July 24, 2023: Advances in Anatomic Pathology
Jitendra Singh Nigam, Jyotsna Naresh Bharti, Ashutosh Rath, Immanuel Pradeep
World Health Organization cytopathology reporting system systems have proposed for the pancreatobiliary tract, lung, lymph node, and soft tissue aligned with the updates in the World Health Organization classification of Tumor series. Among them, the pancreatobiliary tract and lung specimen reporting system have been published recently and are now a 7-tier and 5-tier category system, respectively, without any subcategorization. World Health Organization reporting systems also encourage the application of ancillary diagnostic tests like cell block preparation, immunocytochemistry, and rapid on-site evaluation for better categorization of specimens and further management, especially in indeterminate (atypical and suspicious for malignancy) and malignant cytology categories...
July 6, 2023: Advances in Anatomic Pathology
Eduardo Zambrano, Andrés Matoso, Miguel Reyes-Múgica
Mesotheliomas are rare and aggressive tumors that originate from mesothelial cells. Although exceedingly rare, these tumors may occur in children. Different from adult mesotheliomas, however, environmental exposures particularly to asbestos do not appear to play a major role in mesotheliomas in children, in whom specific genetic rearrangements driving these tumors have been identified in recent years. These molecular alterations may increasingly offer opportunities for targeted therapies in the future, which may provide better outcomes for these highly aggressive malignant neoplasms...
July 1, 2023: Advances in Anatomic Pathology
Andrea Valeria Arrossi
Primary pericardial mesothelioma (PM) is a rare tumor arising from the mesothelial cells of the pericardium. It has an incidence of <0.05% and comprises <2% of all mesotheliomas; however, it is the most common primary malignancy of the pericardium. PM should be distinguished from secondary involvement by the spread of pleural mesothelioma or metastases, which are more common. Although data are controversial, the association between asbestos exposure and PM is less documented than that with other mesotheliomas...
July 1, 2023: Advances in Anatomic Pathology
Anais Malpica
A remarkable amount of new information has been generated on peritoneal mesothelioma (PeM), ranging from nomenclature changes, including the removal of "malignant" when referring to this neoplasm and the use of the term "tumor" rather than "mesothelioma" to designate the neoplasm formerly known as "well-differentiated papillary mesothelioma", to the acknowledgment that PeMs can be associated with tumor predisposition syndromes or germline mutations. Although the disease is still more frequently seen in caucasian males, PeM is not uncommon in women...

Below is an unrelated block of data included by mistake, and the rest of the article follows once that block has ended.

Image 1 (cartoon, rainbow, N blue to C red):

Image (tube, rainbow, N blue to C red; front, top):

July 1, 2023: Advances in Anatomic Pathology
Volha Lenskaya, Cesar A Moran
Pleural mesotheliomas represent one of the most common diagnostic challenges in thoracic pathology. The diagnosis of pleural mesothelioma weighs heavily on clinical and radiologic information. In addition, in the past, before the era of immunohistochemistry, the diagnosis was aided with the use of special histochemical stains-PAS, D-PAS, and mucicarmine, which now very much have been replaced by immunohistochemical stains. In the era of immunohistochemistry, a combination of carcinomatous epitopes and positive mesothelioma markers has become paramount in the diagnosis of mesothelioma, and more recently the use of molecular techniques has become another ancillary tool in supporting such a diagnosis...
July 1, 2023: Advances in Anatomic Pathology
Shefali Chopra, Deepti Dhall
Common well-differentiated hepatocellular lesions include focal nodular hyperplasia, focal nodular hyperplasia-like lesions, large regenerative nodule, hepatocellular adenoma, dysplastic nodule, and hepatocellular carcinoma. The term atypical hepatocellular neoplasm/hepatocellular neoplasm of uncertain malignant potential can be used especially in needle core biopsies when a well-differentiated hepatocellular lesion is either histologically atypical (focal reticulin loss, focal cytologic/architectural atypia) or is clinically atypical (male sex or female >50 y) and cannot be confidently classified as adenoma or hepatocellular carcinoma...
June 2, 2023: Advances in Anatomic Pathology
Zainab I Alruwaii, Elizabeth A Montgomery